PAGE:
Sunday, February 19, 2012

Something for nothing

click photo to enlarge
I get regular requests from companies asking if they can use one or more of my photographs. In the main they are looking for a no-cost alternative to commissioning a professional photographer or buying from a photographic archive such as Alamy. My reply to anyone in business wanting a photograph but not prepared to pay to for it is to refuse.

Such people seem to think that I will be flattered by their approach and their willingness to credit me in their literature. But I'm not. The fact is I don't need to use my photography to generate an income or to supplement one. Were I starting out in photography as a business I might feel differently, but I enjoy the luxury of being an enthusiastic amateur. However, I do feel an obligation to my fellow photographers who are in business, and I know that every photograph I give away makes it a little bit harder for someone, somewhere to earn a living with their camera.

Consequently, to prevent me having to waste my time replying to people who want something for nothing, I've prepared a new "Contact Me & Enquiries" page (top right) setting out the terms on which I will sanction the use of my photographs. I continue to make them freely available to private individuals and charities. However, companies looking for a no-cost image will, I hope, look elsewhere.

All of which has absolutely nothing to do with today's photograph of the carving of a face on the porch of St Mary's church, Beverley, East Yorkshire. This character has a doppelganger on the other side of the doorway, the pair seeming to act as weird medieval welcomers to those who visit this stunning building. It took me a little while to work out that the face is not that of a fanciful creature but a person wearing an animal hat with ears, of much the same kind that parents today buy for their babies and children. Which reminds me that the only firm request I made of my son and daughter-in-law regarding the upbringing of their first child (my first grandchild) is that she wasn't made to wear such a hat because the ridiculousness that they endow on the defenceless infant constitutes child cruelty. Needless to say my wishes were ignored.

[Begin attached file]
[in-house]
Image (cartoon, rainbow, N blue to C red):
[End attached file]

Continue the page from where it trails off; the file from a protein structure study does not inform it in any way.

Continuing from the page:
photograph and text (c) T. Boughen

Camera: Canon
Mode: Aperture Priority
Focal Length: 90mm
F No: f8
Shutter Speed: 1/200 sec
ISO: 100
Exposure Compensation:  -0.33 EV
Image Stabilisation: On


Anonymous said...

Hats?!!  I never forgave an aunt for knitting me a hat when i was five or six.  It was a rib knitted, pointy noddy hat with a huge pompon on the pointed apex.  The whole thing in vivid yellow!  But much worse was the wide knitted strap that went under the chin and fastened with a huge green button over one ear.  Whether such a hat was fashionable at that time remains unknown, but I don't recall seeing anything else quite like it - until the following year when I received a highly colourful striped version.  I never really got over those hats.
Apologies for the reminiscences prompted by the stonemasonry and your observations.  It's obvious that the image is wearing a hat, minus pompoms.  The pained expression says it all.

By the way, if you look at the image upside down, the eyes take on a different light. Just an incidental observation.

Tony Boughen said...

I think many of us had knitting and hat experiences not too unlike the one you describe. In my case it involved astrakhan, a material that doeesn't seem to figure in hats these days, if in fact it can still be found. By the way LA, you didn't pose for this photograph did you?

I also like the slightly non-plussed look on the face of the carving. The one on the other side, as I recall, looks even odder and is more time-ravaged.


Anonymous said...

Hahaha, so cute, but the poor child must have itched from head to toe in that hideous pea green suit.